Being In Bed With Strangers: An Interview with Alex Dimitrov

Sarah Certa


FANZINE: What are you writing or thinking about now? Can you tell us about your new project Night Call?

ALEX DIMITROV: I’m writing my second book, which I’m working really hard on. And Night Call, which is a performance poetry project about intimacy, trust, the internet and being in bed with strangers (not necessarily strangers who are lovers but maybe lovers who are strangers or strangers who won’t feel so strange after the project). It’s off the page. It’s online and in person. In rooms, bedrooms, fantasy spaces. If I had to always stay on the page I’d get incredibly bored. A lot of my ideas play out visually without language. Or being one on one with someone and giving him or her an experience. That interests me.

FZ: How does readership affect your relationship with your poems? Whose poems are they?

AD: The poems are always mine when I’m alone and writing them. And then sometimes a poem will be about someone in my life, someone in a book, someone I’ve never met, someone that’s a fantasy. And I won’t know it until it’s finished which is when I feel like the poem is theirs. For them, about them, thinking of them. Although the poem is the reader’s, that’s who it truly belongs to. I don’t ever want to keep my poems. Part of what makes them so personal is that they become someone else’s. It’s like giving yourself away and in doing so you become someone new, someone different. You’re always with someone else and someone else at the same time.

FZ: What happens when you sit down to write, and what role does the internet play in your process? Do you write in a notebook? Do you type on the computer while you’re on the internet? Do you have to shut your phone off or does it not matter?

AD: I don’t write in a notebook. Sometimes I write fragments on my iPhone, I write on Twitter and will sometimes tweet a line as a way to remember it, and I also compulsively send myself emails with words or phrases in the subject line. When I sit down to write, on my Mac, I may look at all of these places as a way to see what I’ve been thinking or I may not.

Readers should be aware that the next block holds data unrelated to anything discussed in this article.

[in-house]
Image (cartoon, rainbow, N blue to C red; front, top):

I really have no nostalgia for writing in a notebook, to be honest. I’ve had many, I have one (which I mostly take with me on trips, I don’t know why I prefer this while away from home), but it doesn’t feel natural to me anymore for a poem to begin there.

FZ: Do you ever get overwhelmed by social media and the constant connections? Is it ever too much? Do you ever feel like you need to take a break and unplug everything?

AD: No. For me using the internet is an extension of my art. If I had to post pictures of what I’m eating or things like that, that would feel overwhelming to me. Or underwhelming, actually. Both, perhaps.

FZ: Let’s talk about American Boys. About pushing performance to excess and what happens in the space when something is pushed too far.

AD: I love that project, I’ve yet to have more fun working on anything else. So with American Boys I was thinking of ways to collapse my online life and my real life and the distinctions between the two, if any (if blurry). I was thinking about what it means to feel like you know and love someone who is dead, someone who you never knew while he was alive—Allen Ginsberg in this case—and how he feels more like a friend, like someone I know, than most people in the world. I was thinking about how obsessed America is with being “connected” and “plugged in” and how terrified we are of intimacy and connection when we get it. So many young poets and readers wrote to me after American Boys came out and I feel like they really understood it and felt it. Maybe that’s another reason why I’m fond of it. I also just didn’t care in the best way—anything I wanted to do I allowed myself to do. Whether it was including personal text messages or the address of the guy I was sleeping with at the time. I gave myself permission to do those things and that was inspiring and instructive.